In short: It's market-ese in the sense that SE didn't really need to be rigorous to make that claim. But any "reasonable person" attempts to be a little rigorous are consistent with their claim. So, I don't think it's misleading or wrong or disingenuous. Perhaps when some prominent rival (...like what?) makes that claim the two titans will start busting out metrics and rubrics and such.

I agree Alexa is not a good measure of "community size" although it made a good rubric by which to illustrate. It's not at all my intent to go through whatever metrics we can come up with; I strongly suspect SO will pass by a "reasonable person" test any metric that itself would pass a "reasonable person" test.

Regarding the word "technical" please note the full claim:

As the company behind the largest technical community on the Internet, we've been able to attract some of the top developers, sysadmins, and designers in the world.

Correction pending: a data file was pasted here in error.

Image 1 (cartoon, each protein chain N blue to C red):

Which very clearly puts the focus of the word "technical" on technological matters. You could maybe sort of try to argue that IMDB counts as "technical" in the sense that it involves domain expertise - and only in the sense that they are discussing technical matters of cinematography, make-up, etc. and not movie and film knowledge in general - but the claim is clearly not interested in that liberal definition.

  • There is like 10 different versions of google in that list. Same goes for amazon. What are the criteria used to make that list ? How do you know there is not a community bigger than SO after #98 that's not there just because of the unknown criterias used to build that list ? Also, but no higher ranked site is even arguably a "technical community." : IMDB ? – ʞunɥdɐpɐɥd May 28 '13 at 17:58